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Red Sox send message to Yankees, Brian Cashman

Rob Bradford
August 02, 2018 - 11:52 pm

Brian Cashman has been known to poke the bear a bit.

Remember the Yankees general manager hanging in the Swan and Dolphin Resort the night the Sox signed Carl Crawford, telling anyone who would listen the Red Sox paid $40 million more than their nearest competitor. Or how about the proclamation that Dave Dombrowski had put together baseball's version of the Golden State Warriors after trading for Chris Sale.

Then came this piece of gold from Cashman Tuesday night: "You wonder what their record would be if they weren’t playing us. Because when we go head to head, we do some damage against them and it doesn’t seem like anybody else is capable."

It was too spicy not to see if Alex Cora would keep it going when conducting his pregame media session Thursday. No such luck.

"Which one? There’s a few," said Cora when asked if he wanted to comment on Cashman's quote. "Don’t lead me into that one. He also said that he would love be in our position, that he respects the way we’re playing. I leave it at that."

Fair enough. But when you've been as successful as the Red Sox, passive-aggressive salvos like the one issued by Cashman aren't ignored. 

The Red Sox have been historically good and this was the first time they could actually make people realize it. And one of those people whose eyelids they undoubtedly wanted to prop up and make witness the carnage first-hand ("Clockwork Orange" style) was the Yankees' chief decision-maker. And Alex Cora's team didn't disappoint. Everything about the Red Sox' 15-7 win over New York reeked of a message being sent. (For a complete recap, click here.)

The Yankees had their avenue to take their GM's words and parade them around Fenway Park. Taking a 4-0 lead against the pitcher who was replacing Chris Sale, Brian Johnson, after four innings was a step in that direction. And the fact that the guy who seemingly owned the Red Sox, CC Sabathia, was on the mound certainly wasn't going to put a dent in the narrative that the Yankees were the shadow that loomed over Boston's season.

And this notion that the Yankees were the real deal and the Red Sox were the most fortunate 41-games-over-.500 team in the history of baseball wasn't just reserved for those images on the field. This was a New York club that was getting oohs and aahs with its acquisitions of Zach Britton and J.A. Happ. 

Then came the fourth inning. That's when we may have finally come to grips that when it comes to this Red Sox team the pieces in this puzzle just fit. That's the best way to put it.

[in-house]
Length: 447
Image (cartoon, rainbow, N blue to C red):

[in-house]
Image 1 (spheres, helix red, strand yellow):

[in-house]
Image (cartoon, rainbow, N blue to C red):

"Relentless," said Cora of the eight-run fourth. "That was probably our best offensive inning of the season, and we’ve had some good ones. Running. Taking pitches. Hitting the ball hard. Putting the ball in play with men in scoring position. Putting the ball in play with men at third and less than two outs. All around, it was good. It was good. It was about time, you know? We’ve been struggling offensively, and we go from our top five hitters go 0-for-100 against the Phillies in one game and then all of a sudden, that happened. We’ll take our chances. We’re good offensively. We can do a lot of things. On a daily basis, we feel that we can score runs against anybody."

Farm system or no farm system, for the third season in a row Dombrowski has seemingly aced his non-waiver trade deadline test. Steve Pearce hit three home runs. Ian Kinsler made two stellar defensive plays to go along with three hits. And Nathan Eovaldi is offering as much starting pitching optimism as any late-July pickup.

"They’re winners," said Jackie Bradley Jr. of the newest acquisitions. "They helped us win today. Their mentality is to win, to help the team win. That’s what we’re all about."

Things can change in a hurry, and it is only early August. But as Thursday turned into Friday the Red Sox had managed to secure what would seem to be a significant moment. They are now 6 1/2 games up in the American League East, exorcised their Sabathia demons with 19 hits, and offered a reminder to Cashman and Co. that you don't accumulate seven more wins than anybody else in baseball by just beating up on the Orioles and Royals of the world.

For one night the Red Sox showed just how good they can be. It just so happened they did it against the one team that might not have been totally convinced of Boston's dominance.

The Yankees probably don't need much convincing anymore.

Related Red Sox content:

- Pearce delivers game of his life with 3 home runs

- Bogaerts could return Friday